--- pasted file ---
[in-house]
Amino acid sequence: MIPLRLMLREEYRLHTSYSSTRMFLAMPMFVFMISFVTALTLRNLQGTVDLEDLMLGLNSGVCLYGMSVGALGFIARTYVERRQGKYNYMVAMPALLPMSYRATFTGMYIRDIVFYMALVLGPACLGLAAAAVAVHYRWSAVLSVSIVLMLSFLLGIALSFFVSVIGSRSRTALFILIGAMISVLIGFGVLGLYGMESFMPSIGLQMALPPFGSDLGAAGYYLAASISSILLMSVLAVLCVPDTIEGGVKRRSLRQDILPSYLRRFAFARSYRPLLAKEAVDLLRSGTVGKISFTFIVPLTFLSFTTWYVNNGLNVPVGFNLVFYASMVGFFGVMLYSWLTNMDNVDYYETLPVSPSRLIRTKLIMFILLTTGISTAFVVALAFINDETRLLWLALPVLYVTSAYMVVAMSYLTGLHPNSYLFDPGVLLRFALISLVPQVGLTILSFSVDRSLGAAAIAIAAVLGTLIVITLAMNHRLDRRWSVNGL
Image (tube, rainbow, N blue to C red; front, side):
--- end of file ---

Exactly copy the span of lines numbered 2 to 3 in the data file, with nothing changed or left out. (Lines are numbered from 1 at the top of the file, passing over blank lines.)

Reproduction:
Amino acid sequence: MIPLRLMLREEYRLHTSYSSTRMFLAMPMFVFMISFVTALTLRNLQGTVDLEDLMLGLNSGVCLYGMSVGALGFIARTYVERRQGKYNYMVAMPALLPMSYRATFTGMYIRDIVFYMALVLGPACLGLAAAAVAVHYRWSAVLSVSIVLMLSFLLGIALSFFVSVIGSRSRTALFILIGAMISVLIGFGVLGLYGMESFMPSIGLQMALPPFGSDLGAAGYYLAASISSILLMSVLAVLCVPDTIEGGVKRRSLRQDILPSYLRRFAFARSYRPLLAKEAVDLLRSGTVGKISFTFIVPLTFLSFTTWYVNNGLNVPVGFNLVFYASMVGFFGVMLYSWLTNMDNVDYYETLPVSPSRLIRTKLIMFILLTTGISTAFVVALAFINDETRLLWLALPVLYVTSAYMVVAMSYLTGLHPNSYLFDPGVLLRFALISLVPQVGLTILSFSVDRSLGAAAIAIAAVLGTLIVITLAMNHRLDRRWSVNGL
Image (tube, rainbow, N blue to C red; front, side):